Special Sounds: Describe rather than Prescribe

I tend to get caught up in issues of notation, so it’s time for me to step back. Keep it simple.

If you are a composer looking for a special kind of sound, but aren’t sure how to notate it, your solution may be as easy as adding a bit of text describing what you want.

This seems like a no-brainer, but many composers feel compelled to add prescriptions rather than descriptions. A prescriptive direction tells the player how to execute the effect and does not describe the intended result. Unless you are a player of the instrument in question, avoid prescriptive indications like the plague. Here is an example: a prescriptive indication might say “use lots of air”, or “tight embouchure”.

A more useful, descriptive indication for “use lots of air” might be “match the sound of the string harmonics” or “imitate a bamboo flute”. Matching string sounds and producing bamboo sounds are two very different techniques, but both using an airy type of sound, so it is helpful to have a descriptive indication to know which of these types of airy sound the composer might have in mind.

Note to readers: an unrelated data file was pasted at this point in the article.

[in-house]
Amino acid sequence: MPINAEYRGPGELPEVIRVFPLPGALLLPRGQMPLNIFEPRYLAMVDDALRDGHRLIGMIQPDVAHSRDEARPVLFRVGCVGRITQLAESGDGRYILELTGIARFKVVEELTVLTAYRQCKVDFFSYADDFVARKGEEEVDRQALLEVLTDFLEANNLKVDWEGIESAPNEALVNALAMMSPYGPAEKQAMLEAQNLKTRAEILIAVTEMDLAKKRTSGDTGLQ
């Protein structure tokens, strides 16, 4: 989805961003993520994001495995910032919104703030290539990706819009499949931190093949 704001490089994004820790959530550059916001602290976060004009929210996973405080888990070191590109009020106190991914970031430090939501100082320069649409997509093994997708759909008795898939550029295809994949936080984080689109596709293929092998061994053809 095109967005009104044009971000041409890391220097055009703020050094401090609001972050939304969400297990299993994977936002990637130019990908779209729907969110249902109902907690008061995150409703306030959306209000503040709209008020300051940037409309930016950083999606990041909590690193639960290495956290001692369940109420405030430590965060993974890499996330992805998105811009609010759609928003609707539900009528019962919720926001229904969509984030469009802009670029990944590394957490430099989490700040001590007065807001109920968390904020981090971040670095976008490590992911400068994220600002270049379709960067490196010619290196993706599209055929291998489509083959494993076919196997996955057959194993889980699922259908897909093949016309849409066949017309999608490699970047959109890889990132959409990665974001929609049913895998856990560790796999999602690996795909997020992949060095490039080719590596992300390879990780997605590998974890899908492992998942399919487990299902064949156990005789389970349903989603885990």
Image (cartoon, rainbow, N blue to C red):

The prescription “tight embouchure” might be “thin, reedy sound” or “like a buzz saw”. Again, very different means of production, so a description is helpful.

I hope this has made your composing day a bit easier 🙂




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